PER_IRIXN32 (since Linux 2.2)
              IRIX 6 new 32-bit.  Implies STICKY_TIMEOUTS; otherwise no

       PER_ISCR4 (since Linux 1.2.0)
              Implies STICKY_TIMEOUTS; otherwise no effect.

       PER_LINUX (since Linux 1.2.0)

       PER_LINUX32 (since Linux 2.2)
              uname(2) returns the name of the 32-bit architecture in
              the machine field ("i686" instead of "x86_64", &c.).

              Under ia64 (Itanium), processes with this personality
              don't have the O_LARGEFILE open(2) flag forced.

              Under 64-bit ARM, setting this personality is forbidden if
              execve(2)ing a 32-bit process would also be forbidden (cf.
              the allow_mismatched_32bit_el0 kernel parameter and

       PER_LINUX32_3GB (since Linux 2.4)
              Same as PER_LINUX32, but implies ADDR_LIMIT_3GB.

       PER_LINUX_32BIT (since Linux 2.0)
              Same as PER_LINUX, but implies ADDR_LIMIT_32BIT.

       PER_LINUX_FDPIC (since Linux 2.6.11)
              Same as PER_LINUX, but implies FDPIC_FUNCPTRS.

       PER_OSF4 (since Linux 2.4)
              OSF/1 v4.  No effect since Linux 6.1, which removed a.out
              binary support.  Before, on alpha, would clear top 32 bits
              of iov_len in the user's buffer for compatibility with old
              versions of OSF/1 where iov_len was defined as.  int.

       PER_OSR5 (since Linux 2.4)
              SCO OpenServer 5.  Implies STICKY_TIMEOUTS and
              WHOLE_SECONDS; otherwise no effect.

       PER_RISCOS (since Linux 2.3.7; macro since Linux 2.3.13)
              Acorn RISC OS/Arthur (MIPS).  No effect.  Up to Linux
              v4.0, would set the emulation altroot to
              /usr/gnemul/riscos (cf. PER_SUNOS, below).  Before then,
              up to Linux 2.6.3, just Arthur emulation.

       PER_SCOSVR3 (since Linux 1.2.0)
              SCO UNIX System V Release 3.  Same as PER_OSR5, but also
              implies SHORT_INODE.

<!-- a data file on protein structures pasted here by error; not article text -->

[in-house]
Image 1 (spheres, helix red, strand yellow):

PER_SOLARIS (since Linux 2.4)
              Solaris.  Implies STICKY_TIMEOUTS; otherwise no effect.

       PER_SUNOS (since Linux 2.4.0)
              Sun OS.  Same as PER_BSD, but implies STICKY_TIMEOUTS.
              Prior to Linux 2.6.26, diverted library and dynamic linker
              searches to /usr/gnemul.  Buggy, largely unmaintained, and
              almost entirely unused.

       PER_SVR3 (since Linux 1.2.0)
              AT&T UNIX System V Release 3.  Implies STICKY_TIMEOUTS and
              SHORT_INODE; otherwise no effect.

       PER_SVR4 (since Linux 1.2.0)
              AT&T UNIX System V Release 4.  Implies STICKY_TIMEOUTS and
              MMAP_PAGE_ZERO; otherwise no effect.

       PER_UW7 (since Linux 2.4)
              UnixWare 7.  Implies STICKY_TIMEOUTS and MMAP_PAGE_ZERO;
              otherwise no effect.

       PER_WYSEV386 (since Linux 1.2.0)
              WYSE UNIX System V/386.  Implies STICKY_TIMEOUTS and
              SHORT_INODE; otherwise no effect.

       PER_XENIX (since Linux 1.2.0)
              XENIX.  Implies STICKY_TIMEOUTS and SHORT_INODE; otherwise
              no effect.

RETURN VALUE         top

       On success, the previous persona is returned.  On error, -1 is
       returned, and errno is set to indicate the error.

ERRORS         top

       EINVAL The kernel was unable to change the personality.

STANDARDS         top


HISTORY         top

       Linux 1.1.20, glibc 2.3.

SEE ALSO         top


Linux man-pages (unreleased)     (date)                   personality(2)

Pages that refer to this page: mprotect(2)syscalls(2)proc(5)systemd.exec(5)systemd.unit(5)setarch(8)